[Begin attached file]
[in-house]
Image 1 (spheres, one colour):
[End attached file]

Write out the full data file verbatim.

[in-house]
Image 1 (spheres, one colour):